FAQ

FAQ

Here are the answers to some of the most frequently asked questions about health and wellness.

Muscle Weighs More Than Fat = False
One pound of muscle weighs the same as one pound of fat. Remember the old story;
if you take one-pound of feathers and one pound of bricks and drop them from a roof, which would hit the ground first? They land at the same time. However, the differences between one pound of muscle and one pound of fat is that one pound of muscle takes up by 13-18% less mass then the pound of fat. That is why when you build up muscle where fat once was you look learner. Also, one pound of muscle will add 30 to 50 pounds a day to your metabolic rate.

The More Fit You Are, the Harder You Have to Work = True
It means what gave you improvement in the past will only help you maintain your fitness in the future. You can work harder in many ways; length of time, intensity, frequency, trying a different form of exercise, (e.g.) Pilates, try a new sport or activity, martial arts, swimming, or higher intensity aerobics.

 I Can Spot Reduce a Part of My Body = False
When your body uses fat for energy it takes it from everywhere; your stomach area, arms, face, etc.  When you are targeting a specific body part you are working the specific muscles and are helping to shape those muscles. But you are not removing fat only from that area. However new research has shown that High Intensity Interval Exercise (H.I.I.T) does seem to work well at reducing belly fat.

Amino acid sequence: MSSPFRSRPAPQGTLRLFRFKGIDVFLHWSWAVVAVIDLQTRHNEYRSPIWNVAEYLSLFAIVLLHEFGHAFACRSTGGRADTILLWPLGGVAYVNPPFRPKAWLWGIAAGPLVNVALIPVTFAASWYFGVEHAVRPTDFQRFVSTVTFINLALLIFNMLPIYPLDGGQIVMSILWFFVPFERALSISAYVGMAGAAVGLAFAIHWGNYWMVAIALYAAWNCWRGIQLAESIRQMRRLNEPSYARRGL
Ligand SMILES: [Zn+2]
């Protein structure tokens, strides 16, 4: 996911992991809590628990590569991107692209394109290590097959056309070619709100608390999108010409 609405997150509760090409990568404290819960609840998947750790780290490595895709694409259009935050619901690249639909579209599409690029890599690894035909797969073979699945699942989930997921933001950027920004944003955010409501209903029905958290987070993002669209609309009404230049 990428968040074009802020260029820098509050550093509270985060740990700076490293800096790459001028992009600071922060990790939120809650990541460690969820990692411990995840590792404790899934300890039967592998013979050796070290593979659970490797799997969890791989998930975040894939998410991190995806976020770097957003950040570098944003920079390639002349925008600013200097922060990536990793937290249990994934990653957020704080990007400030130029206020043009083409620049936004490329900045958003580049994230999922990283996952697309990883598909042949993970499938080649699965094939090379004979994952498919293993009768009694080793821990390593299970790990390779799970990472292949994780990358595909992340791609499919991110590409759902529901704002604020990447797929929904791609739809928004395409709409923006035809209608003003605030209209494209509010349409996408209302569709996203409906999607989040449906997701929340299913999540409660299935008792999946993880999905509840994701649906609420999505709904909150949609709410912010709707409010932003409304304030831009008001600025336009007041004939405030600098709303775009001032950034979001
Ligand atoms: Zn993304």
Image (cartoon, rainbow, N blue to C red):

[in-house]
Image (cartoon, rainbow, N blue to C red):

Protein Builds Muscle = False
Exercise builds muscle. Protein is used to help repair the damage to the muscle from exercise or over exertion.

You Can Replace Fat with Muscle = False
Fat and muscle are two different entities. You cannot replace one with the other.

When You Stop Exercising Your Muscle Turns to Fat = False
Once you stop exercising your muscles atrophies (shrink). The muscle loses volume, strength and tone. If you stopped exercising you’re eating habits probably will not be as healthy, so you may experience weight gain (body fat), thus giving the illusion that the muscle is changing to fat.

The Older You are The Less Exercise You Need = False
As we get older our needs for specific types of exercise may change.  An older person may want to focus more on balance work to minimize falling versus more aerobics, but no matter what your fitness regimen, it should contain flexibility, aerobic, resistance and balance exercises.

To get started on achieving your goals program call 847-772-3487 or click on the link below to inquiry for more information. Personal Training Information

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